The pairing of name and character can seem like a mysterious process, even to the writer who hasn’t struggled with this in the past. The perfect name may simply appear with character or it may come while drafting the fiction. While such gifts can be lovely, you’re not out of luck if you have to start a search.
Name choices need as much believability as every other detail in your fiction. Think about your character’s background and ethnicity. What name would your character’s parents have chosen? The son of a miner in eastern Pennsylvania probably won’t go by the name Percy. He’s more likely to be a John or a Nick. That twenty-something socialite born to money on the Upper East Side of Manhattan? Perhaps Vivian or Serena. (And don’t forget last names. Astor or a Mortimer might work for that socialite.)
Names roar in and out of style. Check the Social Security Administration’s website to see choices—both popular and not—based on the year of birth. Any list of names can be great inspiration. There are plenty of books and on-line databases for parents-to-be that writers can explore, too. (A quick search of “baby names” will bring up hours worth of links to browse.) Phone books and company directories are other good sources.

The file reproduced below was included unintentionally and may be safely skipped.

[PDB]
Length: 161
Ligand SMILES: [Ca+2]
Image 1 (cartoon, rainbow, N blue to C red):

Also, consider your character’s personality. You don’t want to be too straightforward: a blissful character named Joy, a botanist named Daisy, a runner named Rush. Underlying meaning isn’t always the best choice either. Sometimes the writer invests more in this than the reader. Still, a hearty, practical name like Jane might fit a character with the same traits.
While we can’t choose what our parents name us, we can certainly have our say after the fact. The same is true for your characters. F. Scott Fitzgerald’s novel The Great Gatsby features Gatsby, a man with a past. The name Gatsby rings with just the right sense of adventure and upper crust living he’s spent much of his life scheming to attain, certainly more so than his given name, James Gatz. In Flannery O’Connor’s short story “Good Country People,” the main character is dour. She legally changed her given name, Joy, to Hulga, a name that makes her mother think of “the broad blank hull of a battleship.” And some characters go by nicknames. In Nelson Algren’s novel The Man With the Golden Arm, Frankie Majcinek is called Frankie Machine because of his skill at dealing cards.
Think of some of the great character names in fiction: Randall McMurphy and Nurse Ratched from Ken Kesey’s novel One Flew Over the Cuckoo’s Nest, Spiros Antonapoulos from Carson McCullers’ novel The Heart is a Lonely Hunter, and the title character in Junot Diaz’s novel The Brief Wondrous Life of Oscar Wao. A touch of flair can make a name truly memorable.